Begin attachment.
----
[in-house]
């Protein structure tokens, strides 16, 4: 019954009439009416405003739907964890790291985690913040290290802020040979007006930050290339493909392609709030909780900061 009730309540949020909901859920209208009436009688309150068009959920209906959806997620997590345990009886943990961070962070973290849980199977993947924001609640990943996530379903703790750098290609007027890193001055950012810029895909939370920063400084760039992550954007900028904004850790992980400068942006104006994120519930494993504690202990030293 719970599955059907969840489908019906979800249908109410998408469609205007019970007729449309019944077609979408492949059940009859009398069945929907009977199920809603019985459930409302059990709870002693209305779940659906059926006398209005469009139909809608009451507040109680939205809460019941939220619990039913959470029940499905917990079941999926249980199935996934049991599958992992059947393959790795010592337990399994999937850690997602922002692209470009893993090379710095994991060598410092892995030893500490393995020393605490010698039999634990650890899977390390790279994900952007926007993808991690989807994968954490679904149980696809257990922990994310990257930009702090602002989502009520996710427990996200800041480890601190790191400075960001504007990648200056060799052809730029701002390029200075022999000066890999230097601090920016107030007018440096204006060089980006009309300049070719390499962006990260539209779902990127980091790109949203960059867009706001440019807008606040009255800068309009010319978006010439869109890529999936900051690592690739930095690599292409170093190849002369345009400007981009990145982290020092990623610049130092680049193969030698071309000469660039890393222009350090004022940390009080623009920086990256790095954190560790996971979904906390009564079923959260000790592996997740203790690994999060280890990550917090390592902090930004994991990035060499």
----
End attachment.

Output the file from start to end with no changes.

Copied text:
[in-house]
């Protein structure tokens, strides 16, 4: 019954009439009416405003739907964890790291985690913040290290802020040979007006930050290339493909392609709030909780900061 009730309540949020909901859920209208009436009688309150068009959920209906959806997620997590345990009886943990961070962070973290849980199977993947924001609640990943996530379903703790750098290609007027890193001055950012810029895909939370920063400084760039992550954007900028904004850790992980400068942006104006994120519930494993504690202990030293 719970599955059907969840489908019906979800249908109410998408469609205007019970007729449309019944077609979408492949059940009859009398069945929907009977199920809603019985459930409302059990709870002693209305779940659906059926006398209005469009139909809608009451507040109680939205809460019941939220619990039913959470029940499905917990079941999926249980199935996934049991599958992992059947393959790795010592337990399994999937850690997602922002692209470009893993090379710095994991060598410092892995030893500490393995020393605490010698039999634990650890899977390390790279994900952007926007993808991690989807994968954490679904149980696809257990922990994310990257930009702090602002989502009520996710427990996200800041480890601190790191400075960001504007990648200056060799052809730029701002390029200075022999000066890999230097601090920016107030007018440096204006060089980006009309300049070719390499962006990260539209779902990127980091790109949203960059867009706001440019807008606040009255800068309009010319978006010439869109890529999936900051690592690739930095690599292409170093190849002369345009400007981009990145982290020092990623610049130092680049193969030698071309000469660039890393222009350090004022940390009080623009920086990256790095954190560790996971979904906390009564079923959260000790592996997740203790690994999060280890990550917090390592902090930004994991990035060499």